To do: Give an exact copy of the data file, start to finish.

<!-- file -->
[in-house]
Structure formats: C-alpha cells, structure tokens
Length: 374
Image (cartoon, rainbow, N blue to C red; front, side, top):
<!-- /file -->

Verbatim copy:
[in-house]
Structure formats: C-alpha cells, structure tokens
Length: 374
Image (cartoon, rainbow, N blue to C red; front, side, top):